Apr 5: Strategic Fuel Fund (SFF) confirms to Majali its interest in buying 9,5m barrels of Iraqi Basrah Light crude from Montega

May 11/12: Imvume Management registered and directors, including Majali, appointed

Jul 30:
Majali offers 6m barrels of Basrah to SFF; alternatively to facilitate direct deal between Iraq and SFF

Sep 5: Imvume obtains UN approval to trade with Iraq

Sep 7: Phumzile Mlambo-Ngcuka, then minerals and energy minister, approves travel to Iraq by her DG, Sandile Nogxina, and chief of staff, Ayanda Nkuhlu, to create “right political atmosphere” for SA companies to win business under OFF

Sep 10: Motlanthe writes letter to Iraq endorsing Majali. Msimang also writes

Sep 11-18: Majali, Nkuhlu, Nogxina and SFF director Riaz Jawoodeen, visit Iraq. Majali has proposal for Iraq to allocate 25m barrels of Basrah Light to Imvume each year for 10 years, with ANC a beneficiary. Iraq is asked for sale of “initial” 12m barrels to Imvume to supply SFF

Mid-Oct: Ba’ath party delegation visits SA. Protocol signed between Majali and Iraqi counterpart establishing Iraqi-SA Friendship Association. Speech prepared for Motlanthe says ANC and Ba’ath are true parties behind friendship association, and that ANC is behind the proposal requesting allocation of 25m barrels of crude annually

Nov 9-17: Majali and Motlanthe visit Middle East. Timing consistent with anti-sanctions conference in Baghdad, which Majali said they would attend

Dec 5: SFF issues tender for supply of 4m barrels of Iraqi Basrah Light. SFF director Jawoodeen central to tender adjudication. Imvume wins

2002
Mar 6: SFF and Imvume sign contract: latter to supply initial 2m barrels of Basrah. Majali is in Baghdad, where Somo agrees to allocate 2m barrels to Imvume

Mar 6: SFF and Imvume sign contract: latter to supply initial 2m barrels of Basrah. Majali is in Baghdad, where Somo agrees to allocate 2m barrels to Imvume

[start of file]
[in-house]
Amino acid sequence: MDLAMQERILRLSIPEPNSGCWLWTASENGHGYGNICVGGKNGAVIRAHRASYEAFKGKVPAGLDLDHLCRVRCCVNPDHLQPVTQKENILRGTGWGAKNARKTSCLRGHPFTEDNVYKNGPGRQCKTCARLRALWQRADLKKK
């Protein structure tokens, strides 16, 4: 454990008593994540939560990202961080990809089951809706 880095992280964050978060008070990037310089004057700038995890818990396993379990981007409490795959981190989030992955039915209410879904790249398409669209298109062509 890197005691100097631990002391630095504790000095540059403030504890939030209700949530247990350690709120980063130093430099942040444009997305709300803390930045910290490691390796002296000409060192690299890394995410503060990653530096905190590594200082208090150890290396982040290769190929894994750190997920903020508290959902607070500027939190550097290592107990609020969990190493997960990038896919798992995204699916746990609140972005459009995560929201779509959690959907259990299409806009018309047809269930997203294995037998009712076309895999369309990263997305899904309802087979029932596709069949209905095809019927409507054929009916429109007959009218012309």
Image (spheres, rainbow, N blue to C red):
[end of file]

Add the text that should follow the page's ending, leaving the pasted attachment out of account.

Apr 6: Imvume supplies SFF’s 2m barrels via extended supply chain, not from its own Iraqi allocation

May 5-10: Majali and Motlanthe visit Baghdad

May 24: Imvume supplies SFF remaining 2m barrels, again not from Iraqi allocation. Ultimate supplier, a Russian company, pays kickback to Iraq

Jul 3-9: Iraqi deputy prime minister Tariq Aziz visits SA, hosted by Jacob Zuma. SA slams sanctions. Farewell hosted by ANC, Imvume and Iraqi-SA Friendship Association

Jul 26-Aug 2: Majali, Motlanthe, Msimang in Middle East. Imvume signs contract with Somo to buy 4m barrels of Basrah

Oct 15: Imvume wins R750m tender to supply SA oil parastatal PetroSA with condensate to be sourced internationally

Oct 17 and Dec 13: Imvume lifts 4m barrels of Basrah, traded internationally

2003
Mar: US and UK troops invade Iraq

Dec: PetroSA pays R15m advance to Imvume, which pays R11m to ANC

Subscribe to the M&G

These are unprecedented times, and the role of media to tell and record the story of South Africa as it develops is more important than ever.

The Mail & Guardian is a proud news publisher with roots stretching back 35 years, and we’ve survived right from day one thanks to the support of readers who value fiercely independent journalism that is beholden to no-one. To help us continue for another 35 future years with the same proud values, please consider taking out a subscription.

Related stories

Advertising
Advertising

press releases

Loading latest Press Releases…

The best local and international journalism

handpicked and in your inbox every weekday